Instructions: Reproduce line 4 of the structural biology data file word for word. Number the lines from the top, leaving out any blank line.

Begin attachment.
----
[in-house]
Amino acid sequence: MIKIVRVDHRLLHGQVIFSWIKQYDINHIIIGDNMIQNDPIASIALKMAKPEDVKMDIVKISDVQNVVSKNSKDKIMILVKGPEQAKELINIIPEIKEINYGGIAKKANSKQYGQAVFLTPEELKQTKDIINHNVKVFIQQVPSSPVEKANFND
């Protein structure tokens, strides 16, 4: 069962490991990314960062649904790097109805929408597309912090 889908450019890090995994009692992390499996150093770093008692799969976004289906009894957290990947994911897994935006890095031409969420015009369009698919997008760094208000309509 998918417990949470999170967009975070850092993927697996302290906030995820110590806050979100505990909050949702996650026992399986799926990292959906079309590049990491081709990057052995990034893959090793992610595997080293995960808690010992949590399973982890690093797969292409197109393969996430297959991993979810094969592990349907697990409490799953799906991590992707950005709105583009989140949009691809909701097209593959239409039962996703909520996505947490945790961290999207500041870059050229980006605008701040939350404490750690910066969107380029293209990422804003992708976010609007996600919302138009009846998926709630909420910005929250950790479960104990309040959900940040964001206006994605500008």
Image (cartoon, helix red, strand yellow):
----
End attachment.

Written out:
Image (cartoon, helix red, strand yellow):